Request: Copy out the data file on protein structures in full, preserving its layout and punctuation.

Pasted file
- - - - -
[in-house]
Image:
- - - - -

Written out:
[in-house]
Image: